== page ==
Not a day goes by that I don’t think of her and the situation, and how tragic it turned out. There are many days that I wonder if there was something I could have done differently, that would make her alive to this day. When she was seven, she had several tumors removed from her breast, and was given a clean bill of health after six months. But the cancer came back. It has a nasty, bad habit of doing that. I was happy when Chloe’s tumors were declared benign. I don’t think I could live through another innocent life being sick, weakened by a disease that is almost always fatal.
Because they were the best of friends on this Earth, in this Life, PoRo and Jess were interred next to one another, so their spirits need not wander too far to be together again.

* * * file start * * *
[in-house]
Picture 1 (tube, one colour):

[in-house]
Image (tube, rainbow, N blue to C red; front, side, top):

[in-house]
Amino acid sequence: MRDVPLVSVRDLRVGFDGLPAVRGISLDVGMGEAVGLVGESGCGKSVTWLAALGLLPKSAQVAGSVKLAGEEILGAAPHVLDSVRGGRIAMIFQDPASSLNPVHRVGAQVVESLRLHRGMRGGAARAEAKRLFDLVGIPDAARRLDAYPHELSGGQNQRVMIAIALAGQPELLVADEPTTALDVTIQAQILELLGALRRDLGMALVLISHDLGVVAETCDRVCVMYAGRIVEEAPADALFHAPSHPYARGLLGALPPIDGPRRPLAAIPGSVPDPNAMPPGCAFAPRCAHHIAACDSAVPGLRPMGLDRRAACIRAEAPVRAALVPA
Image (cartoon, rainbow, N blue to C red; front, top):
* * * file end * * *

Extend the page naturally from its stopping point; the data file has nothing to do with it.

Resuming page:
Every February 25th since her death, I make a birthday cake for dessert at dinner time. I made one this year. As a tributing tradition, we, as a family, all blow out the candles on the cake at the same time. My hope is that she will be remembered because of this tradition.
I’d also like to point out, even though it is irrelevant in this whole thing, that a freak from the far ends of the web harassed me to tears over me taking extra pain medication for my severe pain. They mocked me, telling me that my kids were going to get into my medicine and die from drug overdoses. That person was not right. In both telling me that I was this apathetic bitch who partied down on prescription pain killer, and in accusing me of not caring for my kids. I care for my family. Just because I don’t update my blog every day with how much I love and cherish them doesn’t mean that I do not feel it, that I do not care for them. I don’t know where that person (or her other two personalities are, the ones that pretended to be my friend(s) to get info out of me) is now, but if she does want to come mock me for her being “right” I really don’t care. I don’t have to let her comments through. And I can ban her second set of IPs as well.